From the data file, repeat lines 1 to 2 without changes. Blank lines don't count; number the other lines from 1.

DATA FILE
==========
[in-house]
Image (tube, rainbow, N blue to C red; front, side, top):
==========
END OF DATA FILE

[in-house]
Image (tube, rainbow, N blue to C red; front, side, top):